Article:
Navigating within running programs is an intuitive experience thanks to the combination of SmartTap and the iOS magnifying glass. SmartTap is a contextual cursor control that, in tandem with magnifying glass, allows users to perform advanced mouse actions like drag and drop.

One difficult maneuver that many VNC and other remote desktop apps have trouble with is scrolling. Access’ gesture translation engine doesn’t appear to suffer from the same problems, making in-window navigation less of a chore.

The app’s keyboard is also tweaked from the standard iOS version, offering users dedicated keys for functions, arrows, and even the “Windows” button.

Those interested can try Parallels Access for free for 14 days on a Mac and 90 days on a Windows machine. Subscription pricing is set at US$79.99 per year for each computer running a registered client. The iPad app and Mac or PC clients can be downloaded for free from the App Store and Parallels’ webpage, respectively.

Parallels Desktop 9 to arrive in early September, will hone in on OS X Mavericks features

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Date: Monday, August 19th, 2013, 07:15
Category: News, Software

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Parallels 9 Desktop is en route.

And can be pre-ordered with a Parallels Desktop 8 order between now and Halloween.

Per MacNN, Parallels Desktop 9 for Mac will ship the first week of September according to its parent company. One of the primary features will be optimization for OS X Mavericks, which has yet to be released, but has been in beta for some time and may be launched as soon as next month. At the moment, Desktop 9 is itself in beta testing.

Other enhancements will include copy and paste support for OS X virtual machines, and a better Coherence View, which gives Windows apps the appearance of running natively on a Mac. Parallels has also made improvements to creating and customizing keyboard shortcuts, and installing Windows on a Mac without a DVD drive — important because Apple has been stripping optical drives from the Mac lineup.

Customers buying Desktop 8 between today and October 31st will be eligible for a free upgrade to Desktop 9, so long as they have a dated proof of purchase. The former retails for US$80 new, or US$50 as an upgrade from Desktop 6 or 7.

Stay tuned for additional details as they become available.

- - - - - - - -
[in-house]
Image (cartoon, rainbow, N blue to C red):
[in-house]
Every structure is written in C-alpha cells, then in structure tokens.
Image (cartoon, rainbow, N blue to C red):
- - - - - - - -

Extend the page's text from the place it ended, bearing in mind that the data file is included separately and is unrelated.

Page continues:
Hack: 2013 11-inch MacBook Air owner deciphers means of using adapters to access external graphics card, improve performance sevenfold

Posted by:
Date: Wednesday, July 31st, 2013, 06:34
Category: Hacks, Hardware, MacBook Air, News, Software

It ain’t pretty, but it apparently works really well.

Per MacRumors and Mac|Life, TechInferno contributor Larry Gadea was able to hook up a powerful graphics processor to his 11-inch MacBook Air with the help of several adapters.

Gadea first used a Thunderbolt to Express Card adapter which was then connected an Express Card to PCI-Express adapter. Once that was done, he plugged the whole thing into a Windows-compatible video card–specifically, a GeForce GTX 570.

In his words, “It has become very clear that gaming is not only high-performance, but super practical on an 11″ Macbook Air. There’s so much going against it: this hodgepodge of adapters, it has a low voltage CPU, disaster of wiring and exposed sensitive parts, crazy boot-time chainloading software, Intel killing companies producing adapters and products left right and center via legal threats, etc. but somehow, with the right parts and some patience, it works spectacularly. And is quite cheap too!”

The TechInferno forum link can be found here, but Gadea’s unique solution to the limitations of Mac gaming has proven so popular that it’s apparently crashed the TechInferno forums. The post includes important specifics about the setup, including the understandable limitation that Boot Camp needs to be installed on your Mac in order to run many of the games themselves due to Windows-only restrictions. Gadea has stated that his graphics performance has improved roughly sevenfold since installing the hack.

The current rundown of Gadea’s setup includes the following: